Twitty, 71, has two sons and has lived in Jacksonville since 1971, when her husband was stationed at the base. Twitty works as a secretary for Biff’s Coffee.

Aaron Robinson, 37 is married and has two children. He has lived in Jacksonville for more than eight years. Robinson is civil engineer/project manager for Bond Consulting Engineers and works closely with the planning commission on many projects.

Why do you want to be an alderman?

Twitty: I’m excited about the city and the direction it’s going and I believe there’s great opportunities that will come about in the future because of seeds I have helped sow while on the council. I would like to see them through. I believe the next couple of years, the city will reap the benefits of all the work we as a city have done. I consider it a privilege and a joy to have served on the city council.

Robinson: I have always en-joyed community service and want to assist in the development of a 21st century vision for the City of Jacksonville. I have volunteered my time to coach soccer and work with organizations within the community. I hope to bring new ideas to the council, such as the creation of a scenic park which includes a pond, natural and paved trails for walkers, educators, runners, and bikers that connect to intercity sidewalks.

What experiences qualify you to be alderman?

Twitty: I am currently serving as an alderman in Ward 5, Position 1.

Robinson: I served on the Jacksonville Rotary board as secretary, vice president, president, and on other committees in Rotary. I served as secretary-treasurer, vice president, president (two terms), and various other committees for American Society of Civil Engineers, Arkansas section.

I’m currently serving as a Region 4 governor for the American Society of Civil Engineers.

What are the most pressing issues facing Jacksonville and how will you work to solve such problems?

Twitty: Schools and economic development.

I support the ground work for the Jacksonville Education Foundation, and doing preliminary work to better prepare us for the break away from Pulaski County Special School District; update and upgrade our infrastructure, and also upgrade commercial and residential facilities.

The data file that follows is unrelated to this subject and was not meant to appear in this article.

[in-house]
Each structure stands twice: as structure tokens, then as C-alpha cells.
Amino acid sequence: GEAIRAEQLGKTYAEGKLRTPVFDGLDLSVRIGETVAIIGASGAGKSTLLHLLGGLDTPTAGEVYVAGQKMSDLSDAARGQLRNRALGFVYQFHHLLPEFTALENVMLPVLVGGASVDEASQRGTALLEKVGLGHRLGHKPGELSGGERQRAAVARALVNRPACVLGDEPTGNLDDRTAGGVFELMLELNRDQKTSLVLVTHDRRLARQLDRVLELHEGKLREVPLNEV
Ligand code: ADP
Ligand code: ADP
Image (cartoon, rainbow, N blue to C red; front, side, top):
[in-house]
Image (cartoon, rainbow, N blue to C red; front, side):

Robinson: Traffic, revitalizing Main Street, and schools. We need to develop more accessible routes for smoother traffic flow along with the creation of additional commercial businesses along these corridors. Main street buildings need to be modernized to improve their aesthetics and curb appeal.

We need new schools and our own school district. I hope to assist the mayor and council in developing a master street plan along with the Highway Department and Metroplan’s input. New ordinances need to be adopted to help revitalize the Main Street area. I will keep fighting along with everyone else who wishes for Jacksonville to have its own school district and the absolute best education for our children.

What are Jacksonville’s strengths?

Twitty: I think our greatest strengths lie within our people. The leadership of our community with a vision for progress and growth, and also the contribution that Little Rock Air Force Base brings to our community as well as central Arkansas.

Robinson: Little Rock Air Force Base, the location of the city and the community leaders and citizens of Jacksonville.

What would you like to see done to make Jacksonville more appealing to potential residents and businesses?

Twitty: I support the hiring of the economic developer who works with the corporations and making them more aware of the economic opportunity that awaits them by locating their business to Jacksonville.

Robinson: Additional lands need to be developed to provide more opportunities for residents and businesses. New residential subdivisions with creative views need to be planned. Old unoccupied buildings need to be demolished and inventive zoning planned for commercial space. This would open up space that is currently unattainable to potential businesses.

How will you work with LRAFB? What relationship do you now have with the base?

Twitty: I have served on the Little Rock AFB Community Council for several years. I spent more than 20 years with my husband in the Air Force, and I also worked as a secretary on the base for many years.

Robinson: I am a member of the LRAFB Community Council. I work on the LRAFB on several civil engineering projects including the family housing. I will continue to be a member of the community council and work to keep the relationship between the LRAFB and the city a high priority.

What one thing do you want voters to know about you and think about when they are making their ballots?

Twitty: While being on the city council, I have worked in harmony with the other council members sharing the same goals and dreams with expectations of great results. My agenda has always been what is best for Jacksonville, not for personal reasons and gain.

Robinson: I am a family man and dad who is a tireless worker and enthusiastic and passionate about everything I do.